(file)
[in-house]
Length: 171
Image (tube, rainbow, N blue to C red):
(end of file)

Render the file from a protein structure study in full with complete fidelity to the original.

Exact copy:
[in-house]
Length: 171
Image (tube, rainbow, N blue to C red):